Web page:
Originally Posted by andrews2547
I'm not sure if Crytek had anything to do with this. Crysis is owned and published by EA, Crytek are just the developers of the series. EA are the ones who decide where it gets published, EA obviously wanted it on Origin only. Ryse is a series owned by Microsoft, again, Crytek didn't have anything to do with with where it gets published. I'm sure if it was released in after July 29th, it would have been a Windows Store exclusive and not available on Steam.
Not again, what on earth is happening with people on this thread? Is it because it's a weekend near the end of July?
Please, take the time to read the parts in red below, taken directly from the Steam page of the game Ryse: Son of Rome
I'm not making this up, it's written right there, and it is correct
. The Ryse IP is not owned
by Microsoft, it's Crytek's IP, there is no Microsoft in any of that legalese. MS published the game for the Xbox One, that is all.
See more here:
Yesterday Kotaku reported that Ryse 2 had been canned because of a conflict between Crytek and Microsoft over who would own the rights to the franchise.
Eurogamer's own sources confirmed this today. One person close to Crytek told us a pre-production deal for Ryse 2 was on the cards, and that Microsoft wanted to do the deal, but its terms proved a sticking point.
Apparently, in exchange for funding Ryse 2's development, Microsoft wanted to take over the Ryse intellectual property, something Crytek couldn't agree to, so both parties decided not to continue.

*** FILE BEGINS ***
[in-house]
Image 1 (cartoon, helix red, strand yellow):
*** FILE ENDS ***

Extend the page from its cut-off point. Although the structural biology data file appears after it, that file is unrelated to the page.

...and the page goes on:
As Kpjoslee said previously: Microsoft published Ryse for the Xbox one, Crytek itself published the digital PC version and Deep Silver published the retail PC version.
The global point I was making with the three examples I gave is that they need to make amends with PC gamers. It seems pretty obvious that Ryse having nothing to do with EA and Crytek having retained the IP rights means that they realized it was a mistake to get in bed with EA previously for the Crysis franchise (and also avoided getting in bed with Microsoft), which isn't to say that it wasn't also their fault to begin with, especially if they agreed to sign such a blank cheque that allowed EA to be the sole digital distributor when they please at any point in time, devoiding Crytek of crucial revenue in the process. After all, Origin is nowhere near as popular as Steam, much less so when it launched in 2011 (Crysis 2) or in early 2013 when Crysis 3 was launched, and it obviously didn't exist back in 2007 when Crysis launched, then I will also say, that yes, it's also their fault for having signed such a crappy agreement that put all the power in the publishers' hands, at the mercy of EA's global strategy of trying to boost their store, even if that meant lower sales for some of their developers.
And also read this:
Also, while Crytek will publish the digital version, copublisher Deep Silver will help distribute boxed versions to retail stores.
A revised Crysis 2: Maximum Edition apparently addresses that, thanks to efforts by the game's creators at the not-owned-by-EA studio Crytek. Hence the return.
"Changes made by Crytek to Crysis 2: Maximum Edition have brought the game in compliance with Steam's terms of service," an EA spokesperson told Kotaku today.
I hope this clears it once and for all.Edited by tpi2007 - 7/24/16 at 12:22pm